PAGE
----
Julian Fellowes’s Titanic posterTitanic was called the ship of dreams. And it was. It really was,” a 100-year-old Rose Dawson Calvert gushes in the first few minutes of James Cameron’s epic yet tragic love story about the fated steamship. And, almost immediately, the film hurtles back through time just as the RMS Titanic is ready to set sail on April 10, 1912, from Southampton, England. Viewers witness the doomed liner’s gleaming beauty and size of epic proportions as young Rose peers up from beneath her hat’s wide brim and soaks in the wondrous sight. But while the majestic ship itself is clearly the main attraction in Cameron’s reenactment, it’s not so much in Julian Fellowes’ four-part ITV miniseries (produced by Bleak House mastermind Nigel Stafford Clark) that will soon air on ABC in the U.S. Instead, in the Downton Abbey creator’s version, the maritime catastrophe itself takes a modest backseat to the social mores, class interactions, and stiff Edwardian tendencies of that period.

[Hey, it happens...]

Apr 8 2012 3:00pm

Nicholas Sparks Pie: A Love Story Recipe

The Lucky One movieThe swoons. The tears. The heartache. If you’ve ever indulged in a Nicholas Sparks creation, then you’ve most likely experienced all three back to back. So how exactly does this Nebraskan love story enthusiast infuse so much feeling into each page of his romantic treasures —-tales so precious and rare that they (according to him at least) surpass any Shakespearean and Jane Austen masterpiece? Although following in the footsteps of the author of The Notebook, The Lucky One (made into a film that’ll be in theaters April 20), and A Walk to Remember sounds daunting, we’re here to tell you that it is possible...with the right ingredients, of course.

When followed to a T, the perfect love story recipe can produce potent, delectable stirrings (think long walks in a lush garden, breezy Sunday afternoons, and red-hot kisses in the rain). When altered slightly, though, it could have disastrous results and leave readers irate or wallowing in despair. Fret not, though, because we’ve jotted down each specific step just for you. Do follow closely!

[Now we’re cookin’ with gas...]

Nov 19 2011 3:00pm

Hottest Werewolves in Hollywood: Alcide, Corvin, the Teen Wolf, and More!

Benicio del Toro and Emily Blunt in The WolfmanVampires and their neck-plunging ways may be the bees knees now, but werewolves are closing in on “Hottest Monster” territory. Why are werewolves the latest (and sexiest) supernatural craze? Because they’re fierce, magnetic and totally irresistible (yes, even with all that fur)!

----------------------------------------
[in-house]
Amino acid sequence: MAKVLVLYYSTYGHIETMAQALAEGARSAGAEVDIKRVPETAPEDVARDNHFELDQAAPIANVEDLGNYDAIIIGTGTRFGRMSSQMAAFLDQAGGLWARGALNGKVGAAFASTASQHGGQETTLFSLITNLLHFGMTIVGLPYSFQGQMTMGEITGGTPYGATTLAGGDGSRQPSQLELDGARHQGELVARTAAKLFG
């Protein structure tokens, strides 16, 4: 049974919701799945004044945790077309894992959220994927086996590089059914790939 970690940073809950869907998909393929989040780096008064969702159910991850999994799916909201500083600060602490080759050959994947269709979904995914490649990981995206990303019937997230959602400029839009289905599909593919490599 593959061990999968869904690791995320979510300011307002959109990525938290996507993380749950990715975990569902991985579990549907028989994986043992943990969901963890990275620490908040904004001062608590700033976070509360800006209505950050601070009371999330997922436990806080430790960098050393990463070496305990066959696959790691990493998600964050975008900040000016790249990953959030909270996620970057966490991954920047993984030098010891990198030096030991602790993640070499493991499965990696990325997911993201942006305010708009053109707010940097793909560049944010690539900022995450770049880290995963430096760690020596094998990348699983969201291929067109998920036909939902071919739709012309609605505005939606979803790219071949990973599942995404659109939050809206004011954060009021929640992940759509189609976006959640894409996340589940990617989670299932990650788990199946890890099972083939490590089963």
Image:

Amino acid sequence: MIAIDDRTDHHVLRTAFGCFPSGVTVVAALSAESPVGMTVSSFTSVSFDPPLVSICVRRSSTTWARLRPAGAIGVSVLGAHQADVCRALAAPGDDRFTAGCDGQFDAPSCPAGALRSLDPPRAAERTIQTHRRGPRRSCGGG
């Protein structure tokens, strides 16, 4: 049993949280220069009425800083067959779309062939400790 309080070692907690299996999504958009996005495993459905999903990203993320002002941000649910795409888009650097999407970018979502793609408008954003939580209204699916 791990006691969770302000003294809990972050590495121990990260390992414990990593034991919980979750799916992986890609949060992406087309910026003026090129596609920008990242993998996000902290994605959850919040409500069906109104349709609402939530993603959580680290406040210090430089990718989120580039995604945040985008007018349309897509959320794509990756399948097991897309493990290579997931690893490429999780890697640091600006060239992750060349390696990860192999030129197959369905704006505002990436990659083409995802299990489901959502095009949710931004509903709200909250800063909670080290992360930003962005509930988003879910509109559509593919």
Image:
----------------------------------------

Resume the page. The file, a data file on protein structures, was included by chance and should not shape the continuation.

Check out a “Top 10” list of male werewolves so fine, they’ll have you howling with delight:

Benicio del Toro as Lawrence Talbot in The Wolfman: The plot for this reboot came up a little short, but Benicio’s turn as a brooding werewolf thankfully livened up the screen. So what makes Benicio as Lawrence Talbot stand out from the pack? His poignant struggle to control the beast within, that’s what. While many men would have found their newfound strength intoxicating and would have wreaked havoc on neighboring towns, Lawrence put in considerable effort to ensure that his transformations did not result in a high deathtoll. (Um..can you say selfless and honorable?) Any man who can pull off wearing a white billowing shirt while baying at the moon seems like one worthy of affection!

[Hey, there, wolf boys...]

Jun 11 2011 11:00am

The Brother Lover Dilemma in DeVa Gantt’s Colette Trilogy

Elena, Stefan, and Damon in The Vampire DiariesWhereas most love triangles (i.e. Pearl Harbor and The Notebook) feature a woman having to choose between two different guys, few actually tell the tale of a heroine trapped between two brothers.

There are some stories that focus on “brother loving”; Moonstruck (starring Cher and Nicholas Cage), is a film about an Italian woman who falls for her fiancé’s foul-mouthed, crazy brother. And let’s not leave out the hottest supernatural triangle that keeps it all in the family, namely the one where Elena Gilbert falls for brooding vamp Stefan Salvatore, but cannot deny her attraction to his equally alluring older brother Damon in the Vampire Diaries. Still, brother lover plots are rare treats!

[Treat me!...]

Jun 3 2011 4:00pm

Dance Movies That Give Romance a Good Whirl

Save the Last DanceDance movies usually follow a standard, cookie-cutter formula:

1. the protagonist experiences a big move, far away from home

2. He/she is a social pariah in his/her community

3. He/she finds love and friendship through some salsa, rhumba, ballet, hip-hop…you name it.

These movies usually twist their basic plot ankles and fall flat in terms of believable romance. But there are some movies out there that truly know how to steam up the rehearsal room (and our libidos) with authentic chemistry. Here are my top three picks for dance movies that swept me off my feet with their suave love moves:

1. Save the Last Dance: A Caucasian girl moves in with her estranged father in his hood apartment after her obsession with dance/spoiled brat tantrums causes her mom to die in a car crash. She vows never to pirouette again. Seriously? Literally, when the movie opened with this scenario, I wanted to scram from the theater. How annoyingly cliché, I thought to my teenaged self.

[How it ended up in the Top 3...]